Volume 10, Number 6—June 2004
Respiratory Picornaviruses and Respiratory Syncytial Virus as Causative Agents of Acute Expiratory Wheezing in Children
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|EID||Jartti T, Lehtinen P, Vuorinen T, Österback R, van den Hoogen BG, Osterhaus A, et al. Respiratory Picornaviruses and Respiratory Syncytial Virus as Causative Agents of Acute Expiratory Wheezing in Children. Emerg Infect Dis. 2004;10(6):1095-1101. https://dx.doi.org/10.3201/eid1006.030629|
|AMA||Jartti T, Lehtinen P, Vuorinen T, et al. Respiratory Picornaviruses and Respiratory Syncytial Virus as Causative Agents of Acute Expiratory Wheezing in Children. Emerging Infectious Diseases. 2004;10(6):1095-1101. doi:10.3201/eid1006.030629.|
|APA||Jartti, T., Lehtinen, P., Vuorinen, T., Österback, R., van den Hoogen, B. G., Osterhaus, A....Ruuskanen, O. (2004). Respiratory Picornaviruses and Respiratory Syncytial Virus as Causative Agents of Acute Expiratory Wheezing in Children. Emerging Infectious Diseases, 10(6), 1095-1101. https://dx.doi.org/10.3201/eid1006.030629.|
Suggested citation for this article: Jartti T, Lehtinen P, Vuorinen T, Österback R, van den Hoogen B, Osterhaus ADME, et al. Respiratory picornaviruses and respiratory syncytial virus as causative agents of expiratory wheezing in children. Emerg Infect Dis [serial on the Internet]. 2004 Jun [date cited]. Available from: http://www.cdc.gov/ncidod/EID/vol10no6/03-0629.htm
We studied the viral etiology of acute expiratory wheezing (bronchiolitis, acute asthma) in 293 hospitalized children in a 2-year prospective study in Finland. A potential causative viral agent was detected in 88% of the cases. Eleven different viruses were represented. Respiratory syncytial virus (RSV) (27%), enteroviruses (25%), rhinovirus (24%), and nontypable rhino/enterovirus (16%) were found most frequently. In infants, RSV was found in 54% and respiratory picornaviruses (rhinovirus and enteroviruses) in 42% of the cases. In older children, respiratory picornaviruses dominated (65% of children ages 1–2 years and 82% of children ages >3 years). Human metapneumovirus was detected in 4% of all children and in 11% of infants. To prevent and treat acute expiratory wheezing illnesses in children, efforts should be focused on RSV, enterovirus, and rhinovirus infections.
Acute expiratory wheezing illnesses (bronchiolitis, acute asthma) are the primary causes of hospitalization in children. An estimated 3% of children without other medical conditions are hospitalized for bronchiolitis (1). The annual hospitalization rate for exacerbation of asthma is 0.15% in children (2). In the United States alone, ≈200,000 children are hospitalized for bronchiolitis and acute asthma each year, which causes a substantial impact on families and the community.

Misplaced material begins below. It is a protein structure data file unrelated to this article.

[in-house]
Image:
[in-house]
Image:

Respiratory viruses are the most important precipitants of acute expiratory wheezing in children (3,4). Bronchiolitis is reportedly induced in infants mainly by respiratory syncytial virus (RSV), and asthma in older children is induced mainly by rhinovirus. The role of rhinovirus in infants is not clear. Furthermore, the roles of other respiratory viruses, e.g., enteroviruses, and the recently discovered human metapneumovirus (HMPV) in the etiology of acute wheezing are not well established (5,6). Investigating the viral origin of acute expiratory wheezing is useful because some antiviral treatments and vaccination are available, and the efficacy of antiinflammatory treatments may be related to viral origin.
The purpose of the study to investigate the role of 11 respiratory viruses in children hospitalized for acute expiratory wheezing. The viral etiology was studied for 2 years prospectively to cover outbreaks of all major respiratory viruses. Virus culture, virus antigen detection, polymerase chain reaction (PCR) techniques, and serologic testing were used to optimize the diagnosis of viral infection.
Study Participants and Definitions
As part of a randomized clinical trial evaluating the efficacy of systemic corticosteroid in the treatment of acute expiratory wheezing in children, we investigated the viral etiology of the infections. From September 1, 2000, through May 31, 2002, a total of 293 children participated in the study in the Department of Pediatrics, Turku University Hospital. Study breaks occurred from June to July 2001 and during Christmas week 2001. Inclusion criteria were the following: age from 3 months to 16 years, hospitalization for acute expiratory wheezing, and written informed consent from the parents. Exclusion criteria were the following: chronic diseases other than asthma or allergy, systemic glucocorticoid treatment within 4 weeks before the study, severe wheezing necessitating intensive-care unit treatment, and previous participation in this study. The study protocol was approved by the Ethics Committee of the Turku University Hospital.